Best Copy
THE KENTUCKY KERNEL

Tajre Two
studies and various social activities they have not had the time
to spare to attend meetings that
fUBLMHRD ON TtJBSDAYS AND FRIDAYS
have been provided for them by the
Member
"Y."
Lemnfton Board of Commerce
Now, through the Luncheon club
National Collet Press Association
students can meet and enjoy the
rresa Association
Kentucky Interrolteaiat
programs and at no loss of time
International Nes Service
from their studies or other activ
PuMira.
A member of the Msjor Colics
of
Co., Itlrs. It would be worth the time
lions, represented y A. J. Norrls Hill
every one who has the chance to
1M C. 4Jnd 81.. New York City; 1JJ W.
Madison St., Chlcairo: 1004 tn Aw.. Beat-ti- c avail himself of this opportunity.

The Kentucky Kernel

1031 S. Broadway. Lo
Bids;., San PranclMX).

Angeles;

Call

OFFICIAL NEW8PAMR OP THS STUUNIVERSITY OP
DENTS OP TH
KENTUCKY. LKXINOTON

JEST AMONG US

Subscription si oo a Tear. Entered at
Leilnfton. K.J., PostoBlea A Second
Clin Mall Matter

With Eddie Cantor and Will
Rogers both off the air on Sunday
nights novf. jnaybe wfe can get
some of those erring souls to
church once in awhile.

HERE 8HALL THE KERNEL ALL
8.TJDENT3 RIGHTS MAINTAIN
I.

(dlfnr-Hl-CA- Ir

"SUNNY"
MUTH

.Manaqlne tdllor

THANKSGIVING
Thanksgiving what dors it mean
to us?
Thanksgiving is a day of praise,
a moment when, turning from the
wild, swirling rush that is human
ity, a nation causes, humble, to
thank Ood for His blessings. It
is a time of gladness, of praise, of
oeace. It is man's tribute to Di
vinity.
Thanksgiving Is the period when
fumihes are reunited, when differences are forgotten and harsh
feelings lost in the spirit of goodness, when greed is transcended by
gratitude. It is the hour of love and
mercy and tenderness. It is an act
of compassion that soothes the
tired heart and administers com
fort to the suffering.
Thanksgiving is the day when
served and servitor, rich and poor,
sinner and sinless, weak and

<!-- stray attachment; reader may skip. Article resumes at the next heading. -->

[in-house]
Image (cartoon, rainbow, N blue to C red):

strong, all bow in reverence to a
greater force; when businesses are
suspended and the work of men
ceases; when the light of God
shines brightest Into the lives of
mortal beings and we are led to a
closer view of Him.
Thanksgiving is a holiday: schools
close their doors; young men and
young women dash for the freedom
from restriction; they are happy,
carefree, alive; they hasten to the
welcome of home; they feast upon
they
delicacies and are
enter into the Joyful, merry es
capades that only youth can fash
ion; they are blessed. Can any one
any one of us, scorn
of therr
Thanksgiving?
Thanksgiving
it does mean much
to us.
well-tende- d;

OPEN DIPLOMACY
European powers, big and small,
were asking each other yesterday,
"Who are your allies?" One of
the biggest questions tliat has enEurope in the
veloped
last few months is whether this
treaty is binding.
The result was a renewed attempt
by one European
statesman, at
least, for recognition of tine of
Woodrow Wilson's noted 14 points,
basis of settlement of the Versailles Treaty. Premier Benito Mussolini, who has more than once this
year dispelled European war clouds,
has urged the League of Nations
to outlaw the secret commercial entente, and military agreements.
This movement, the first since
Wilson acceded to the European demands during negotiations for the
1918 peace, may be the beginning
of a new school of diplomacy. That
there are arguments for such secret diplomatic maneuverings goes
without saying for mob psychology is still a problem.
But the many advantages of openly dickering for commercial support as well as supjxrt in arms reduction and navy control overcome
this handicap. Japan may realize